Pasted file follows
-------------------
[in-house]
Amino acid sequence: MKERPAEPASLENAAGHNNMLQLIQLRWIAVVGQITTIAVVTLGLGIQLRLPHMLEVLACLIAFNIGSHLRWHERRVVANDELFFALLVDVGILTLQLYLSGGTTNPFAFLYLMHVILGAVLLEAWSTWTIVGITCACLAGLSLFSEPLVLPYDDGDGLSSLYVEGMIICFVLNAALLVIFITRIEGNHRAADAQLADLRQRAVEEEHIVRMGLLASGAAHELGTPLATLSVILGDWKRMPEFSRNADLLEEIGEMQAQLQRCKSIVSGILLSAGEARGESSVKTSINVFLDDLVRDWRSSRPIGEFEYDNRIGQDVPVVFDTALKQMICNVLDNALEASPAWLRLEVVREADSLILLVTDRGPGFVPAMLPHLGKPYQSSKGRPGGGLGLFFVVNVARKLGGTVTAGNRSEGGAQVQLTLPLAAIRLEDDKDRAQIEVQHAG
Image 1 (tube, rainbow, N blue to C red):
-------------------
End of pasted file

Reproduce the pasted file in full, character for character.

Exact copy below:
[in-house]
Amino acid sequence: MKERPAEPASLENAAGHNNMLQLIQLRWIAVVGQITTIAVVTLGLGIQLRLPHMLEVLACLIAFNIGSHLRWHERRVVANDELFFALLVDVGILTLQLYLSGGTTNPFAFLYLMHVILGAVLLEAWSTWTIVGITCACLAGLSLFSEPLVLPYDDGDGLSSLYVEGMIICFVLNAALLVIFITRIEGNHRAADAQLADLRQRAVEEEHIVRMGLLASGAAHELGTPLATLSVILGDWKRMPEFSRNADLLEEIGEMQAQLQRCKSIVSGILLSAGEARGESSVKTSINVFLDDLVRDWRSSRPIGEFEYDNRIGQDVPVVFDTALKQMICNVLDNALEASPAWLRLEVVREADSLILLVTDRGPGFVPAMLPHLGKPYQSSKGRPGGGLGLFFVVNVARKLGGTVTAGNRSEGGAQVQLTLPLAAIRLEDDKDRAQIEVQHAG
Image 1 (tube, rainbow, N blue to C red):